You know, I was about to go on some high falootin’ screed about how I chose to watch this pilot out of some intellectual desire to indulge my anemia. Then, I took a step back, thought about how TARI TARI’s angling to be about a high school show choir and then, upon further reflection, realized that animation and context might actually be the only qualities separating this from GLEE or any other teen drama on the CW.
I’ve chortled quite often about fans of foreign pop entertainment who act like the stuff is somehow above the pop entertainment in their own back yard. A band manufactured by a record company in another country somehow manages to be more authentic than the products on Top 40 radio? So, with that awareness, I caught myself here before I got too dismissive, condescending or hypocritical in detailing my tastes.
I liked this pilot a lot. I honestly do want to continue hanging out with these authentic, well-realized characters and I want to see how this small drama about starting a new club will play OUT. I felt the theme about the dangers of quitting, even over small stuff, was a truthful one and also felt that the details of this Austrian exchange student re-adjusting to Japanese customs built a truly three-dimensional personality for the kid. I want to believe that this is tighter and more polished than other entries in the genre, but I also realize that my sampling pool isn’t wide or deep enough to make such statements.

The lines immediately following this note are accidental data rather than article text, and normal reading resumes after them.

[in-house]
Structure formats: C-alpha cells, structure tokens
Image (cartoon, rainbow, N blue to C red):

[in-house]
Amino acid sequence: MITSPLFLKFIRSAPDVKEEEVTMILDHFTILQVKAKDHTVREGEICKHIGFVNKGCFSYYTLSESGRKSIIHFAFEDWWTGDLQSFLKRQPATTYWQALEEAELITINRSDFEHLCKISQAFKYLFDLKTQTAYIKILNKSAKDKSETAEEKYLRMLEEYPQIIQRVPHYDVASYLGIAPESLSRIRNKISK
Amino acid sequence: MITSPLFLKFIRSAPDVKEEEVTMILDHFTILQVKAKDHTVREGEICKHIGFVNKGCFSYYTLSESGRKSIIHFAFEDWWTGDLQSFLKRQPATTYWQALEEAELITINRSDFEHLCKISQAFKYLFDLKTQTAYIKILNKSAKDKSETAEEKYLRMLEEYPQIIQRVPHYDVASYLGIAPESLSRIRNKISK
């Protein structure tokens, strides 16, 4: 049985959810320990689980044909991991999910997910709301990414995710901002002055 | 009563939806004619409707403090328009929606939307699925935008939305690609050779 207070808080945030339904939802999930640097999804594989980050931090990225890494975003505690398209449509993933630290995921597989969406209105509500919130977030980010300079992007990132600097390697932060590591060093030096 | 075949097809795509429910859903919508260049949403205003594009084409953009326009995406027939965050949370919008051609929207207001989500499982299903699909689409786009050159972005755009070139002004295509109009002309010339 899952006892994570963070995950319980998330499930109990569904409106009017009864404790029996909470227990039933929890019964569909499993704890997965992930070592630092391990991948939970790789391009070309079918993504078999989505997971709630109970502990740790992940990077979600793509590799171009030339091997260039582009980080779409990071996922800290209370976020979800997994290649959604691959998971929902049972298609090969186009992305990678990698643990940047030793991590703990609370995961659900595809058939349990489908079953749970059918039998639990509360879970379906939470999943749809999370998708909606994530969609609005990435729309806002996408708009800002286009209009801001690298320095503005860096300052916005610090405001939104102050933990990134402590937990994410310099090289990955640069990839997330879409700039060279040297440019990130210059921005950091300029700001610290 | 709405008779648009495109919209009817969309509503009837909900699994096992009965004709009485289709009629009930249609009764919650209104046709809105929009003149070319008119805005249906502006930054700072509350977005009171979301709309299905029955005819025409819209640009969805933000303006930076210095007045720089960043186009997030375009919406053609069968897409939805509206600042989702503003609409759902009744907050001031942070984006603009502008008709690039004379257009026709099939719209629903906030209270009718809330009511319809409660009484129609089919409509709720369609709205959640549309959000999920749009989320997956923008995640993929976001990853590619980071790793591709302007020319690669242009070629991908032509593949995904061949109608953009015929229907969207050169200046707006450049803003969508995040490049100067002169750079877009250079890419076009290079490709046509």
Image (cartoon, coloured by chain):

(It still does feel kind of odd to break down the ingredients of a down-to-Earth drama in the way you might for a mecha show, or something. “Which scene is more relatable? Which plot is more understated?” right?)
So here we are again with another high school show I’d like to keep watching, even though I realize that it’s not exactly the sort of programming that engenders the liveliest discussions in this column. What to do?
Watch this episode, "Running and Inviting” here and decide for yourself.